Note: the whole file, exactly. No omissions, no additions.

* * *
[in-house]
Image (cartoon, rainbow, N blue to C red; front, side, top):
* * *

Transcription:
[in-house]
Image (cartoon, rainbow, N blue to C red; front, side, top):